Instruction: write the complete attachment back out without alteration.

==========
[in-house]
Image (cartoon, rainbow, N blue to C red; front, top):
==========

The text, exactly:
[in-house]
Image (cartoon, rainbow, N blue to C red; front, top):